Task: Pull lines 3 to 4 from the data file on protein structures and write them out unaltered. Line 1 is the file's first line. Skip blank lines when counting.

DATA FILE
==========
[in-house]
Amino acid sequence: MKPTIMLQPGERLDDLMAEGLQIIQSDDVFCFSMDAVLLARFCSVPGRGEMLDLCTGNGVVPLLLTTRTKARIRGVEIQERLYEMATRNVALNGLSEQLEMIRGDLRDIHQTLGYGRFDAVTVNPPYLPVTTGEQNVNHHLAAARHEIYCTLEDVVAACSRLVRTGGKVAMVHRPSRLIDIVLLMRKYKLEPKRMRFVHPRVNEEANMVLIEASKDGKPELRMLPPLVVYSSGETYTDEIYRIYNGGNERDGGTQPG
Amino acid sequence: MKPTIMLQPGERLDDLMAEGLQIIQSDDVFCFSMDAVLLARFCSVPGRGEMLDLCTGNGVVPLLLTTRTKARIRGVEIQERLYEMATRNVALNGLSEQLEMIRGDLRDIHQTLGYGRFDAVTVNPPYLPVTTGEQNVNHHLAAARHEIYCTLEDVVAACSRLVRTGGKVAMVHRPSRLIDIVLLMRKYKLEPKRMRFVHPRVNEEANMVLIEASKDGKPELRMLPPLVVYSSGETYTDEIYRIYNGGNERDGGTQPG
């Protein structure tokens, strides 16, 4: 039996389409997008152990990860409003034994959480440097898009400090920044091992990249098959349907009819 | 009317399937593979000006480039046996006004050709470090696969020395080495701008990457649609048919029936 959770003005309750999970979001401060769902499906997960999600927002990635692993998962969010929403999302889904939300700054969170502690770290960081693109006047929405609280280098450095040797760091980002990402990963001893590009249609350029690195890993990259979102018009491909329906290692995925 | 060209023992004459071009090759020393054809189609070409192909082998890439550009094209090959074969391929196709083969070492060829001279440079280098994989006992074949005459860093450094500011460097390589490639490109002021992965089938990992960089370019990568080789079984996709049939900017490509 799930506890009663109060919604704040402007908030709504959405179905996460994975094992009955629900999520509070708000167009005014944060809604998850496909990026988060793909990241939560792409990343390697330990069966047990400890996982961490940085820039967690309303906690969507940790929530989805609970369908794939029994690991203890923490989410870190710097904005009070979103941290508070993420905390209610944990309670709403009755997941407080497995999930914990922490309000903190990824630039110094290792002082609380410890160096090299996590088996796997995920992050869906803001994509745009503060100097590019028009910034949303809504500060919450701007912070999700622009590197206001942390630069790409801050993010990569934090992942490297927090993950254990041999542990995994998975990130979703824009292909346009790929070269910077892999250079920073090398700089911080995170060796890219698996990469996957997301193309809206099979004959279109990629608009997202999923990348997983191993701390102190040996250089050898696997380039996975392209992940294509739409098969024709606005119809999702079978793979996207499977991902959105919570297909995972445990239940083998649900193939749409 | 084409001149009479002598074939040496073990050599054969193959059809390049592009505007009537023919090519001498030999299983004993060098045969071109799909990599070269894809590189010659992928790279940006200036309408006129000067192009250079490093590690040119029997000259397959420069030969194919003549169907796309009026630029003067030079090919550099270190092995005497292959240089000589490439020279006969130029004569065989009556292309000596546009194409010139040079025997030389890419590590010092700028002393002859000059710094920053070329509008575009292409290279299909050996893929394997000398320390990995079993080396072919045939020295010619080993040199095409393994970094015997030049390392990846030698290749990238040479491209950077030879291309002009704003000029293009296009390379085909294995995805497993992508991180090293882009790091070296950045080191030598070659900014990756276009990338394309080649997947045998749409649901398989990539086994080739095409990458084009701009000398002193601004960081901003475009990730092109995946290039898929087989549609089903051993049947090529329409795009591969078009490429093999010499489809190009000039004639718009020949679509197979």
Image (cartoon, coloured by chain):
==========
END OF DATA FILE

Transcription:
Amino acid sequence: MKPTIMLQPGERLDDLMAEGLQIIQSDDVFCFSMDAVLLARFCSVPGRGEMLDLCTGNGVVPLLLTTRTKARIRGVEIQERLYEMATRNVALNGLSEQLEMIRGDLRDIHQTLGYGRFDAVTVNPPYLPVTTGEQNVNHHLAAARHEIYCTLEDVVAACSRLVRTGGKVAMVHRPSRLIDIVLLMRKYKLEPKRMRFVHPRVNEEANMVLIEASKDGKPELRMLPPLVVYSSGETYTDEIYRIYNGGNERDGGTQPG
């Protein structure tokens, strides 16, 4: 039996389409997008152990990860409003034994959480440097898009400090920044091992990249098959349907009819 | 009317399937593979000006480039046996006004050709470090696969020395080495701008990457649609048919029936 959770003005309750999970979001401060769902499906997960999600927002990635692993998962969010929403999302889904939300700054969170502690770290960081693109006047929405609280280098450095040797760091980002990402990963001893590009249609350029690195890993990259979102018009491909329906290692995925 | 060209023992004459071009090759020393054809189609070409192909082998890439550009094209090959074969391929196709083969070492060829001279440079280098994989006992074949005459860093450094500011460097390589490639490109002021992965089938990992960089370019990568080789079984996709049939900017490509 799930506890009663109060919604704040402007908030709504959405179905996460994975094992009955629900999520509070708000167009005014944060809604998850496909990026988060793909990241939560792409990343390697330990069966047990400890996982961490940085820039967690309303906690969507940790929530989805609970369908794939029994690991203890923490989410870190710097904005009070979103941290508070993420905390209610944990309670709403009755997941407080497995999930914990922490309000903190990824630039110094290792002082609380410890160096090299996590088996796997995920992050869906803001994509745009503060100097590019028009910034949303809504500060919450701007912070999700622009590197206001942390630069790409801050993010990569934090992942490297927090993950254990041999542990995994998975990130979703824009292909346009790929070269910077892999250079920073090398700089911080995170060796890219698996990469996957997301193309809206099979004959279109990629608009997202999923990348997983191993701390102190040996250089050898696997380039996975392209992940294509739409098969024709606005119809999702079978793979996207499977991902959105919570297909995972445990239940083998649900193939749409 | 084409001149009479002598074939040496073990050599054969193959059809390049592009505007009537023919090519001498030999299983004993060098045969071109799909990599070269894809590189010659992928790279940006200036309408006129000067192009250079490093590690040119029997000259397959420069030969194919003549169907796309009026630029003067030079090919550099270190092995005497292959240089000589490439020279006969130029004569065989009556292309000596546009194409010139040079025997030389890419590590010092700028002393002859000059710094920053070329509008575009292409290279299909050996893929394997000398320390990995079993080396072919045939020295010619080993040199095409393994970094015997030049390392990846030698290749990238040479491209950077030879291309002009704003000029293009296009390379085909294995995805497993992508991180090293882009790091070296950045080191030598070659900014990756276009990338394309080649997947045998749409649901398989990539086994080739095409990458084009701009000398002193601004960081901003475009990730092109995946290039898929087989549609089903051993049947090529329409795009591969078009490429093999010499489809190009000039004639718009020949679509197979």